Angela Merkel Stepping Down

Who will replace her?

At the end of 2021, Germany will have a new chancellor – Angela Merkel has announced that she will not be running in the general election in September. That will end her 16-year term as Germany’s most important politician. Mrs Merkel’s chosen successor, Annegret Kramp-Karrenbauer, resigned as chairman of Merkel’s CDU party after a scandal in Thuringia (a state in ex-East Germany) where her party made a deal with the far-right AfD party. A vote on the new chairman on the 16th of January was won by Armin Laschet, the premier of North-Rhine – Westphalia.

Mr Laschet advertises continuity: he says a change of direction would ‘send exactly the wrong signal’. He supported Mrs Merkel’s open-door refugee policy in 2015 and has an ability to connect with immigrant communities. He is very pro-EU and takes a softer stance on Russia and China. His credibility was damaged last spring when he called for an early relaxation of Coronavirus restrictions, reportedly infuriating Mrs Merkel. The fact that he is now chairman of the CDU does not necessarily mean he will be their candidate for chancellor, although it does put him in a good position. While no one else has announced their candidacy, health minister Jens Spahn and Bavaria’s premier, Markus Söder, are possible options.

Mr Spahn earned praise due to his handling of the pandemic, although a slow vaccine roll-out in Germany is now getting criticism. He would be the first openly gay German chancellor – a big change for a party that opposed same-sex marriage until recently. Mr Spahn is generally conservative. He is often anti-immigration (he opposed Mrs Merkel’s open-door policy in 2015). He wants to reduce dual citizenship and is in favour of a register of mosques in Germany. He opposed a change to a German law that took place in 2019 whereby doctors and clinics were allowed to put the fact that they carried out abortions on their websites – this previously counted as illegal advertising of abortion.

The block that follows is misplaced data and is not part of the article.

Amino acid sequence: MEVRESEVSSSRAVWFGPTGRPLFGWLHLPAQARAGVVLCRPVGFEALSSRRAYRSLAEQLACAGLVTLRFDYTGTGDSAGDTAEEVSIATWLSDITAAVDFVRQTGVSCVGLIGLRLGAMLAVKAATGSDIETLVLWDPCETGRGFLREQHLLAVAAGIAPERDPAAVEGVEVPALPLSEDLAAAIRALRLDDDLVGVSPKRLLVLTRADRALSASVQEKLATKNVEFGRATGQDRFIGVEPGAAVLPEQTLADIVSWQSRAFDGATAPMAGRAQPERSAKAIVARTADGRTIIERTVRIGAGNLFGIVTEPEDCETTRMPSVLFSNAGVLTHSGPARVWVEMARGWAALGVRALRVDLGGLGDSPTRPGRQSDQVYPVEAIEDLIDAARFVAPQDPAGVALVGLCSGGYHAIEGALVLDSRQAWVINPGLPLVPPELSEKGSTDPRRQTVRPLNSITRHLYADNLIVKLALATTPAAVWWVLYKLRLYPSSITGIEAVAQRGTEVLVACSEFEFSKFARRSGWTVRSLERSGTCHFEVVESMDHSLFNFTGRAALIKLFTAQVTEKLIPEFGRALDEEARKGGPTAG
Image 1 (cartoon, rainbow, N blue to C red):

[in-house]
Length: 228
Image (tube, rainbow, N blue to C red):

The other candidate would be Markus Söder, the premier of Bavaria and head of the CDU’s Bavarian sister party, the CSU. He has said in the past that he won’t run for chancellor because his ‘place is in Bavaria’, but he is very popular. One reason for this popularity is that he locked Bavaria down early last year, with the rest of Germany then following suit, and has led centre-right attacks on the far-right AfD. In the last few days, he has criticised the EU for being too slow in approving the vaccine and placing orders badly, leading to the shortage it is now facing.

In terms of popularity, Mr Söder and Mr Spahn had a much higher approval rating than Mr Laschet in a poll by German newspaper Der Spiegel in December. However, a more recent poll from mid-January published by The Economist puts Mr Söder in the lead, with Mr Laschet behind him and Mr Spahn bringing up the rear. Popularity may be a good indicator for the CDU/CSU candidate (the two parties run together) – the aim, after all, is to win an election. After Mrs Merkel’s handling of the pandemic, this looks likely. The question remains who will be on the ticket.

Helena VI